Use the following interactive checklist to evaluate how prepared you are to be a PBL teacher.
Do I have a PBL mindset? Do I view my work through projects? Do I rethink how to make normal tasks more public? Do I value trying out different projects and doing new things? Do I embrace innovation and adapt to change?
Am I an exemplary PBL facilitator? Do I consistently exhibit the Buck Institute for Education’s Project-Based Teaching practices? Do my students regularly engage in high-quality projectbased learning? Do I plan out my projects and take time to reflect? Do I provide students opportunities to present to authentic audiences?
Am I a skilled facilitator of personalized learning and do I create a blended learning environment? Do I use technology to enhance my teaching and embed it in daily learning for students? Do I allow for student autonomy, voice and choice? Do I provide work that is personalized to student readiness and interest? Do I create learning experiences where students can progress at their own rates?
Do I participate in PBL Professional learning? Do I regularly research and read or stay”‘in the know”? Do I investigate and appreciate related strategies and key design considerations (how much to help, when and how to assess)? Do I regularly connect with others to help advance my own learning? Do I partake in ongoing and informal professional learning to advance PBL habits (PLNS) on Twitter and face-to-face?
Am I teaching towards deeper learning outcomes? Do I prepare students to communicate effectively, giving them opportunity to practice and feedback on their communication skills? Do I regularly give students the opportunity to work collaboratively, digitally and in person?
Do I model lifelong learning - not perfection? Am I flexible and do I accept that project plans may change? Do I enjoy the journey, both in times of success and of challenge?
Do I encourage students to develop an academic mindset?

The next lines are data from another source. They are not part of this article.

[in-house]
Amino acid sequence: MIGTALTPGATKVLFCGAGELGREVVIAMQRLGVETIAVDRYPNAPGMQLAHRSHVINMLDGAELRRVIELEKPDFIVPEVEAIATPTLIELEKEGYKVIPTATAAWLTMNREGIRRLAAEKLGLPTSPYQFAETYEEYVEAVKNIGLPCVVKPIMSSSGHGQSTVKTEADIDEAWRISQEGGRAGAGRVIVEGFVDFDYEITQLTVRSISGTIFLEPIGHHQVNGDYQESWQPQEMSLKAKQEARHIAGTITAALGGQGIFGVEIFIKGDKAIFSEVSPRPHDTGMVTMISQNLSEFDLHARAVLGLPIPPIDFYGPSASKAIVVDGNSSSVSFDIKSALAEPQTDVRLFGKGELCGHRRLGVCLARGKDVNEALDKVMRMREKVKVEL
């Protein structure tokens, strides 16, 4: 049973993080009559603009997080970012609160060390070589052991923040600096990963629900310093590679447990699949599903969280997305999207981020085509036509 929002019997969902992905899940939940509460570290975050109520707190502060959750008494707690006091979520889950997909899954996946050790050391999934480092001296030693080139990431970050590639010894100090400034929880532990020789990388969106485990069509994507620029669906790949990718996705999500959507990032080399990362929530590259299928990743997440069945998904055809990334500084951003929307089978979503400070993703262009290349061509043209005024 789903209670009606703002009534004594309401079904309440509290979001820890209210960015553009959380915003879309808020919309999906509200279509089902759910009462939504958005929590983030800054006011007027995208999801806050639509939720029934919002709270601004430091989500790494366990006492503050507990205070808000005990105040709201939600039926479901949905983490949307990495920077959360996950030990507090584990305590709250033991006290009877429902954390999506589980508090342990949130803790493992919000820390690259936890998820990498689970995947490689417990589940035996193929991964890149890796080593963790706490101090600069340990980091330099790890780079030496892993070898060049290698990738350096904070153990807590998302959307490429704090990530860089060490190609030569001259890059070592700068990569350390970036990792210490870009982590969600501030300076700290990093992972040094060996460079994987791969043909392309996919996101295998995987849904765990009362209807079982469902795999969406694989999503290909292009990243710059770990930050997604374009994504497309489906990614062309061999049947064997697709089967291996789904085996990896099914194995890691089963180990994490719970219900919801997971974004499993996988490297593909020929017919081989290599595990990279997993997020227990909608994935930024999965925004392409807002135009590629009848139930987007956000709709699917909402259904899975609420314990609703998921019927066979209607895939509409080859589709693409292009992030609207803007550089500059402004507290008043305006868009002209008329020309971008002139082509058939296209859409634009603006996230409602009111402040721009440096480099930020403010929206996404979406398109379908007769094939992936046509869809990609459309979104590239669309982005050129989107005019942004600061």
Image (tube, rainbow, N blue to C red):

Do I allow for revisions, drafts, iterations and multiple attempts to demonstrate learning and deeper learning outcomes?
Do I ensure that students are mastering core academic content through project work?
Do I model vulnerability, persistence and overcoming failure for students?
Do I encourage students to regularly reflect on how they learn best? Do I ensure project work involves students solving real world and complex problems?
Take Action: Read the Edutopia series on Deeper Learning, which includes 8 articles about collaboration, assessment, 21st century literacy and student work. See gold standard project-based resources and teaching ideas from the Buck Institute for Education. Watch videos from Next Generation Learning Challenges of authentic learning design and PBL. Follow #PBL, #ProjectBased, #PBLChat, and #ntchat (new teacher) on Twitter Explore New Tech Network project-based rubrics and try using one in your classroom. Teach a project-based unit or lesson. Use an existing unit and make it project-based! Explore and tinker with a PBL technology tool or personalized learning platform. Attend a PBL professional learning session online (see Educurious) or take a course where you tackle solving a challenge through a project (see IDEO: Insights for Innovation Course). Talk to a community member about projects you’re working on and try to determine a way you can support each other. Use LinkedIn Profinder, Fiverr or UpWork. Use or contribute to an online database of projects such as EL Models of Excellence. Visit a PBL school and collaborate with a colleague there on a project. Lead a PBL-focused session at your school or a community project.
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For more, see Preparing Teachers for a Project-Based World